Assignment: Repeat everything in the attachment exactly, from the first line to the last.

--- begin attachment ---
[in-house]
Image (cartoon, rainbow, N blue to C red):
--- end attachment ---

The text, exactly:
[in-house]
Image (cartoon, rainbow, N blue to C red):